I recently went behind the scenes at the State Library of South Australia to interview audio engineer, Peter Kolomitsev, about his job. It quickly became apparent that in helping to preserve the state’s audio heritage, he encounters a diverse range of technology and fascinating recordings.
Peter’s work includes digitising the audio collection. Whilst new oral histories are born digital and are donated to the library on SD or compact flash cards, many historic items in the library’s collection need to be digitised and were made using a diversity of now-obsolete media. Perhaps some of the oldest technology is wax cylinders, as Peter explains:
I’ve learned about those older technologies. So wax cylinders are something that was well and truly consigned to the past when I started. So I don’t know if you know what wax cylinders are. They were the first I suppose commercially available recording device. As the name implies – it’s a cylinder that’s made of wax and the ‘wiggles’ of the sound are cut into the wax and played by speaking or singing into a big large horn which catches the sound and then scribes the sound ‘wiggles’ onto the wax cylinder. That was invented by Thomas Edison.”
Internationally significant audio material
Peter told me about some of the historic audio material in the State Library’s collection:
We have ethnographic film material, so some of the items in the collection: we have the Charles Mountford Collection, or the Mountford-Sheard collection as it’s technically called. That is a massive collection of indigenous field recordings of Charles Mountford recording people from communities in central Australia and the Northern Territory… It’s got a heritage listing on there [on the UNESCO Australian Memory of the World Register] because it’s actually quite a significant body of work. It’s his whole life’s work: it’s his diaries and there’s artworks, there’s photographs, there’s films, there’s obviously sound. And it’s massive and it’s a really good snapshot on that style of ethnographic endeavours of that era.”
Wax cylinders in the outback
Charles Mountford went on numerous expeditions between 1928 and 1963. During that time, recording technologies changed dramatically. Peter talks about the range of technologies that Mountford used:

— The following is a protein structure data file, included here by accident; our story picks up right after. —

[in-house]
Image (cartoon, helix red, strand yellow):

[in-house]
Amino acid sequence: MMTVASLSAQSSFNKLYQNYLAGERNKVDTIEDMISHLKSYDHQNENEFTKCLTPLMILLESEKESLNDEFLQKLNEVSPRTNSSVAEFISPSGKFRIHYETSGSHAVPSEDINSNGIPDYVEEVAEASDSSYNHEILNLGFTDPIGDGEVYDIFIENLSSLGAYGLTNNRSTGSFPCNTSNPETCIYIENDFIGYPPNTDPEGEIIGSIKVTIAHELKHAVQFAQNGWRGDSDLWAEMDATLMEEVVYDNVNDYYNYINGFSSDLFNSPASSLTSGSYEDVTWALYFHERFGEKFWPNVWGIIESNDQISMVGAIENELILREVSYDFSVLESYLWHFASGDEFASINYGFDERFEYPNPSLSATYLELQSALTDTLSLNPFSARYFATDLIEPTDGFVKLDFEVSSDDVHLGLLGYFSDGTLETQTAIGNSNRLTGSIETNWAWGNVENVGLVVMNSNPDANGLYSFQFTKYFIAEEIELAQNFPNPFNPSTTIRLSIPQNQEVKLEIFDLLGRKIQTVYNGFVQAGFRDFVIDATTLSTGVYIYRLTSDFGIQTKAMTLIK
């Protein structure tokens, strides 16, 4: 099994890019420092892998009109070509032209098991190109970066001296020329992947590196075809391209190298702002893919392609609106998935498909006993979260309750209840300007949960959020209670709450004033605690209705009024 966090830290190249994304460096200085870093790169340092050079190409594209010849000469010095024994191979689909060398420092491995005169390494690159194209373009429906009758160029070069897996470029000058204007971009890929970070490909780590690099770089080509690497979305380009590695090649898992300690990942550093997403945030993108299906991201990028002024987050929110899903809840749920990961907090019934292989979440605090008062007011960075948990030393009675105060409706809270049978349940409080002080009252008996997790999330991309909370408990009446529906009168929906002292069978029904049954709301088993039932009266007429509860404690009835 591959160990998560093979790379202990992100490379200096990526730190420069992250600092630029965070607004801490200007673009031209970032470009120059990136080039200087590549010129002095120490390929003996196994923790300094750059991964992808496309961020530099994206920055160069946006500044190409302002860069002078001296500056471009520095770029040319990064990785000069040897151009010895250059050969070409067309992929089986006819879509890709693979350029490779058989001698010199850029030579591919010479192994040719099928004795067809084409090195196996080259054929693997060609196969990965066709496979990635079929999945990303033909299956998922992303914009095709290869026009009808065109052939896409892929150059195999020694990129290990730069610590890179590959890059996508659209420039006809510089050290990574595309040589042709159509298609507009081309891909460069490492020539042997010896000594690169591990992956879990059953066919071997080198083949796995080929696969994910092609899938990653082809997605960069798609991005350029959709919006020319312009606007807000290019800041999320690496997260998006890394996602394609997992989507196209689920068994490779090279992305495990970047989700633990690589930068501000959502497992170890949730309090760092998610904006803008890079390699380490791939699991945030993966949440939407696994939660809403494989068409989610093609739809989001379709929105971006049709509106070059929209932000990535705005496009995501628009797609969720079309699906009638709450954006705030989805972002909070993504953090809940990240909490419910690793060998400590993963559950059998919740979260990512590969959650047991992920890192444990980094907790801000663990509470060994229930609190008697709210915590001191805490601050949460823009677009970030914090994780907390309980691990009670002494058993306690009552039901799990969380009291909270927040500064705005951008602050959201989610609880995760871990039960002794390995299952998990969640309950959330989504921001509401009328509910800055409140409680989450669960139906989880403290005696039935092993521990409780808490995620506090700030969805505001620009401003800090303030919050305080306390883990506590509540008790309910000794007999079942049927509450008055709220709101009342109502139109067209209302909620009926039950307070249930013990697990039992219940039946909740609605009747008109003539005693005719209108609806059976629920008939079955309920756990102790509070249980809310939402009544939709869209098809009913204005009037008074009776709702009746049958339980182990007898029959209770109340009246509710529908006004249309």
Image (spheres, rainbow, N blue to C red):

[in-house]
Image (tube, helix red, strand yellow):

He started off actually using wax cylinders, which he found were entirely useless, and we don’t have any of those, or any recordings of those. I just know from reading his bio he speaks of them. And then he used instantaneous lacquer discs, so basically like records except they’re direct cut, so you go out with – – – he went out with these big record players which would cut the sound into the record, strapped to the back of a camel, take them out onto expeditions into central Australia and then record the local communities doing songlines and stories and language and all of that sort of stuff. Then, as magnetic recording came on, he used wire recording, which is kind of like tape except, as the name suggests, directly onto wire. So it’s these really, really thin wires that run around a spindle, much like a tape does, except it’s wire and it goes really, really fast and they snap.”
A window on the past
I asked Peter about some of the more challenging jobs he has had. He talked about working with lacquer discs:
Anything that’s on one of those instantaneous lacquer discs always presents a challenge. So, they’ll be things like – – – the way that the lacquer discs are, just to make it understandable, is they’re generally a disc that’s coated with a lacquer. So they might be an aluminium disc or a steel disc or a glass disc that’s coated with like nail-polish, effectively, to create a nice smooth surface for the disc recorder to cut the wiggles onto. Now, that lacquer has a tendency to degrade over time and will shrink over the very stable metal or glass disc and will crack and de-laminate from the disc. Once that happens, it’s a massive challenge. Finding little bits of this lacquer – it’s kind of like an all black jigsaw puzzle – to put these pieces back together and hopefully when you play them back they stay in place and we can use all sorts of tricks to do that. But even ones that haven’t lost the lacquer – that we haven’t had to glue back together for example – you put the needle on and bits and pieces will come flying off of it and you cross your fingers that everything is going to stay recording… So they’re always really challenging.
Generally because those recordings are old – they might be from the 30s, 40s, 50s – their content is often really fascinating. The most recent one that I spent a lot of time restoring before I could play it was a series of radio ads for government war bonds – Victory Loans. They were spoken-word ads, and they were basically stories convincing people to buy these Victory Loans to support the war effort. So they were full of all of the social moires of the era: things about glory boxes and not having twenty-first parties and buying your son Victory Loans, and all sorts of stuff. It’s always really fascinating hearing that window back onto the past, and that’s one of the things that’s really delightful about audio in this particular role, is that we have that window back on the past and you get to first-hand see the life that people had.”
As Peter mentioned, a ‘window on the past’ is also a wonderful way to describe the records that oral historians create with their interviews.
In a future post, I’ll include Peter’s tips for helping oral historians create excellent quality recordings.
Biography of Charles Mountford: http://adb.anu.edu.au/biography/mountford-charles-pearcy-11188
The Museum of Obsolete Media: http://www.obsoletemedia.org/
Excerpts from the oral history interview with Peter Kolomitsev used with permission of Peter Kolomitsev.